August 30th, 2009 at 6:09 pm (Articles)
Yes, I said Grave Torpedoes. Who knew there was such a thing? On July 6th I watched an episode of “History Detectives” on PBS called “Cemetery Alarms” . By the way, I love this show. If you have never watched, the theme of the show is people write in with items that they believe to have great historical significance. I have never been disappointed yet. This is a great show for anyone that loves family history and all the little treasures that you may find hidden away.
The person that was requesting the research thought that he had a “Grave Torpedo” that was used to protect the precious items that would have been buried with someone deceased. It made sense to me. A little dangerous, but it might stop the dreaded grave robbers.
As the episode progressed and researcher began looking in the area that the owner lived in, Illinois I believe. Once the researcher visited the local mortuaries and historical societies, he was amazed to find exactly what he was looking for, but with a twist.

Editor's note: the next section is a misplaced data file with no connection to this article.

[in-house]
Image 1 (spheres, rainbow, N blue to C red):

In the 1800’s the local medical schools found they had a shortage of “bodies” to do training on. Usually they were bodies that had been unclaimed from death row or local infirmaries and such. Unsavory characters would go out and dig up bodies for this purpose. To stop this practice, the “Grave Torpedo” was designed. To everyone’s surprise, it was not for the protection of valuables as was thought, but to protect the poor souls that had died and were unprotected.
My point in sharing this story is to first inform you of a possible danger when looking through old cemeteries. Ask the cemetery staff if these might have been used in the area you are researching. Also remember when placing flowers or memorial items to only dig or place items in the first foot of earth. The “torpedoes” should have been placed directly on top of the casket. By asking a few simple questions of the cemetery or city staff, you might save yourself some real trouble.
Another great point is to watch shows like “History Detectives” or “Antiques Roadshow” from time to time. Many of our items we cherish as just an heirloom my just give us that clue that we were hoping for.